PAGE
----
“Protein overexpression is a hallmark of certain cancers and is used in clinical oncology to personalize treatment through tumor detection, molecular therapies, and therapeutic monitoring,” said lead author Kimberley S. Samkoe, assistant professor of Surgery at the Geisel School of Medicine and adjunct assistant professor at Thayer School of Engineering. “Protein expression is currently measured through a total protein analysis of tumor tissue. This new technique allows us to accurately determine the amount of protein receptors available for binding a drug without invasive biopsy.”
The researchers developed a dual-tracer in vivo receptor concentration imaging (RCI) technique that involves the simultaneous injection of both a targeted and a non-targeted imaging agent. They then studied the protein expression of five tumors, comparing the RCI data to that determined by clinical immunohistochemistry, either scored by a pathologist (as performed in the clinic) or analyzed independently by a computer. They found that the protein expression determined by RCI strongly correlated to that determined by tissue analysis. They also found that commonly used techniques of measuring protein expression, such as Western blots or flow cytometry, did not correlate to the RCI values, and in fact over-predicted the number of receptors available for therapeutic or diagnostic targeting.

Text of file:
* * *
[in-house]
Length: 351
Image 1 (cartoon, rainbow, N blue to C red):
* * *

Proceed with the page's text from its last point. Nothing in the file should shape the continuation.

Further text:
“Accurately determining the population of protein receptors in a tumor available for targeting by molecular therapies or diagnostic imaging agents can greatly impact oncology patient outcomes,” said Samkoe. “Our in vivo receptor concentration imaging technique is a novel approach for fluorescence imaging that can potentially impact clinical assessment of tumor status and malignant tissue classification.”
Samkoe noted that this study looks at the average receptor expression within the tumor. The next step will be to look at tumors on a microscopic level in order to correlate receptor expression to distinct physiological features such as cellular viability, cellular type, vascularity, and overall tumor architecture
The study was collaboration between Geisel School of Medicine at Dartmouth College, the Thayer School of Engineering, members of the Norris Cotton Cancer Center, and the Wellman Center for Photomedicine at Massachusetts General Hospital and was supported by NIH grants R01CA156177, U54CA151662 and P01CA84203.
About Norris Cotton Cancer Center at Dartmouth-Hitchcock
Norris Cotton Cancer Center combines advanced cancer research at Dartmouth and the Geisel School of Medicine with patient-centered cancer care provided at Dartmouth-Hitchcock Medical Center, at Dartmouth-Hitchcock regional locations in Manchester, Nashua, and Keene, NH, and St. Johnsbury, VT, and at 12 partner hospitals throughout New Hampshire and Vermont. It is one of 41 centers nationwide to earn the National Cancer Institute’s “Comprehensive Cancer Center” designation. Learn more about Norris Cotton Cancer Center research, programs, and clinical trials online at cancer.dartmouth.edu.